Globe and Mail Update
U.S. President George W. Bush will not address Parliament when he visits Canada next week to avoid possible negative reception or heckling, White House sources said. The sources confirmed to The Globe and Mail Wednesday that Mr. Bush would not be speaking to Parliament.
The U.S. President had been invited by the Canadian government to address a joint session of the House of Commons and Senate during his visit to Ottawa, scheduled for Nov. 30 and Dec. 1. But sources said Mr. Bush wants to avoid a potentially hostile reaction in Parliament, despite the fact that Liberal MPs who are not pro-Bush had promised Prime Minister Paul Martin last week that they would behave.
The President and Prime Minister will, however, hold a joint news conference after a lunch on Tuesday.
Mr. Bush will then travel to Halifax to give a speech after what is his first official trip to Ottawa, White House sources said.
The side trip would come after a working visit Tuesday with Prime Minister Paul Martin and a dinner that night with hundreds of prominent Canadians at the Museum of Civilization.
Details of the Halifax portion of the trip weren't immediately available.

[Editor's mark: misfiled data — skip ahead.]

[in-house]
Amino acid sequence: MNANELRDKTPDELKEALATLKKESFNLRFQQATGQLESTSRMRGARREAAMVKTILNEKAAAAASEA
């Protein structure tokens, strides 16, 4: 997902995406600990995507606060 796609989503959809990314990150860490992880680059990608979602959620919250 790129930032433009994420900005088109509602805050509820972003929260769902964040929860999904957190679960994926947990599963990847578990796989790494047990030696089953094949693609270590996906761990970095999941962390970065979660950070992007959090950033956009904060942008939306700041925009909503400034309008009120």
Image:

Mr. Martin is hoping to to repair somewhat strained relations with the United States following trade difficulties over softwood lumber and mad cow disease and Canada's refusal to participate in the Iraq war. Mr. Martin phoned Mr. Bush the day after the Nov. 2 presidential election with the invitation. Mr. Bush and his officials were enthusiastic about the visit. The final acceptance came on Nov. 16.
Sources say U.S. officials involved in planning the trip were worried about a cranky audience on Parliament Hill. "We didn't see the need and, frankly, we didn't want to be booed. There are other, better venues," said one U.S. official.
Heaven forbid you actually have to answer for your decisions.
Full Article (The Globe and Mail)